The word ‘halal’ literally means permissible- and in translation it is usually used as lawful. The antonym to halal is haram, which means unlawful or forbidden.
The Muslim Judicial Council Halaal Trusts’ (MJCHT)’s rules for halal are based on Islamic Shari’ah or Islamic Jurisprudence. A known factor and an understanding is that Muslims consume halal food and in particular halal meat.
Muslims must ensure that all foods (particularly processed foods), as well as non-food items such as cosmetics and pharmaceuticals, are halal.
Frequently, these products contain animal by-products or other ingredients that are not permissible for Muslims to eat or use on their bodies. Foods which are not considered halal for Muslims include blood and intoxicants such as alcoholic beverages. A Muslim who would otherwise starve to death is allowed to eat non-halal food if there is no halal food available. Doubtful things are to be avoided.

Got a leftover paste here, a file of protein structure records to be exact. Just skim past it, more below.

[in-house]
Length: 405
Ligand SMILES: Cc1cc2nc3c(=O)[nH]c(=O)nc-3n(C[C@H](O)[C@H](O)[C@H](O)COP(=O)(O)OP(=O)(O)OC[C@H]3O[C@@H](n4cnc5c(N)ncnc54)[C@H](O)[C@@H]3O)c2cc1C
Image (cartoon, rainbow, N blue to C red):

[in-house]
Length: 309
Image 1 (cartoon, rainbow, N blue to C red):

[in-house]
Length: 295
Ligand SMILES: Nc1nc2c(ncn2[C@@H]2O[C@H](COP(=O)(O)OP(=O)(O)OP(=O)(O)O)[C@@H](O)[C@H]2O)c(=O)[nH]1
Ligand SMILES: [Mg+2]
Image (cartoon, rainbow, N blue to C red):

Basic determinants that render something Haram (Unlawful/Prohibited)
- The pig (e.g. ham/gammon), all its derivatives, including its blood and excretions
- The dog, all its derivatives, including its blood and excretions
- Alcohol, how little or how much of ANY alcoholic drink or beverage
- Blood, flowing or congealed blood